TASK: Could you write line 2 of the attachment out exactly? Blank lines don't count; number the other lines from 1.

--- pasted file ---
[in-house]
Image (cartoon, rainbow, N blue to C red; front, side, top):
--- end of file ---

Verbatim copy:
Image (cartoon, rainbow, N blue to C red; front, side, top):